Box Turtles Getting “Hammered” on Roads Prompted New Study Supporting Conservation Efforts

    By Kathleen Berger, Executive Producer for Science and Technology

    The probable rate of box turtles killed by vehicles is the driving force behind study that hopes to preserve box turtles.

    “We don’t know the mortality rates of box turtles on Missouri roads,” said Stephen Blake, PhD, assistant professor of biology at Saint Louis University. “What we do know is that box turtles get hammered on roads.”

    That’s probably not the first thing people think about when they think of box turtles! Many people think of their fond turtle encounters and memories.

    “Turtles play a very important role in society in people’s psyche,” said Blake. “Kids love box turtles. It’s a magical moment when a child finds a box turtle, and it’s a magical moment for many adults when they find a box turtle.”

    Blake wants people to hold on to those endearing thoughts because he wants them to also think about what’s happening to box turtles as a result of sprawling cities and rapidly growing rural communities.

    “Turtles are under significant threat from roads and are likely changing their ranging characteristics dramatically in relation to road infrastructure.”

    Box turtle safaris in Forest Park allow students from schools in the region to understand turtles and study them after successfully tracking them. The students are observers of how Blake and his team are conducting box turtle research at Forest Park, which take dangerous road crossings for the turtles into consideration.

    “We fitted radio telemetry tags to a sample of, originally, 10 box turtles in Forest Park, in different forest fragments,” said Blake. “And (another) 10 on box turtles at Tyson Research Center. And each VHF very high frequency radio unit emits a unique signal. So, with a radio receiver, we can follow the movements of each individual turtle.”

    Blake teamed up with Sharon Deem, DVM, PhD, on the Box Turtle Project. Deem is the director of the Saint Louis Zoo Institute for Conservation Medicine.

    “Everyone has a turtle story, right? These little iconic creatures, they really touch our hearts. Here in St. Louis, I haven’t met anyone yet who doesn’t have a turtle story to share with me,” said Deem.

    Saint Louis University (SLU) and the Saint Louis Zoo are working together to preserve box turtles. They spent years studying box turtle movements.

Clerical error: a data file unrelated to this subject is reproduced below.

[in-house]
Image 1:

“Eleven years we’ve been chasing little box turtles. During that time, we’ve looked here in Forest Park at the home range sizes where these animals are moving. As well as out at Tyson, this contiguous, wonderful oak-hickory forest,” said Deem.

    “And when we find a turtle, we can locate it, actually physically find it, we record a GPS location of where that turtle is. And over time, we can build up a picture of the ranging metrics and movements of all of those turtles,” Blake explained.

    Blake is the lead author and one of the principal investigators along with Sharon Deem of the recently published study.

    “Box turtles at Tyson Research Center cover a lot more ground. They have much bigger home ranges than the box turtles in Forest Park. So, the turtles that are living in Forest Park are probably those that have learned to have restricted ranges within the small forest fragments,” said Blake.

    “I think the really exciting, unique part of this study is what the team did under Dr. Blake’s leadership with looking at Missouri roads, so the road system here in our state,” said Deem. “And then doing iterations of placing one of those turtles, Kevin or Kimmy or pick your turtle, placing them on the map and doing their home range and seeing how many times that turtle would cross a road. And we see even with the turtle with the smallest home range, they will cross a road a number of times each year. In the larger home range, they’re always crossing roads.”

    “A turtle at Tyson Research Center, if you put that (turtle) randomly anywhere in Missouri, is going to be crossing roads. 100% of the time,” said Blake.

    The findings show that the Forest Park turtles, that have learned to live in the restricted home ranges, would not cross as many roads as a less restricted Tyson box turtle that would travel longer distances. But the more restricted box turtles, like the Forest Park box turtles, would still cross roadways about five times a year. The researchers encourage some basic conservation efforts.

    “If we’re going to expand urban areas, we need to do it in a way that includes a matrix of wildlife habitat. Within and around increasing urbanization, we need to think about traffic volume.”

    Blake said there is one thing everyone can do!

    “If you see a box turtle in the road when you’re driving or when you’re walking, and it’s safe to do so, pull over, pick the turtle up. If you pick a turtle up and turn it around and try and get it to go in the wrong direction, it’s gonna want to go in the direction that it wants to go in,” Blake explained. “So, you should take it to the side of the road in the direction that it’s already going, let it go and you’ll reduce the chances of that turtle being killed by traffic enormously.”